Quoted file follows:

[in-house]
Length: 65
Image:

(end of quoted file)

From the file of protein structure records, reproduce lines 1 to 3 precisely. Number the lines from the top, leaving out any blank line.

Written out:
[in-house]
Length: 65
Image: